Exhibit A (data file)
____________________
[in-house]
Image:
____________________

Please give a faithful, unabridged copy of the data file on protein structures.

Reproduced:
[in-house]
Image: